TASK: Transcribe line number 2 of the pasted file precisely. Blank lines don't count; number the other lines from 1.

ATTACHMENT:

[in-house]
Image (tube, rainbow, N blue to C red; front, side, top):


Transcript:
Image (tube, rainbow, N blue to C red; front, side, top):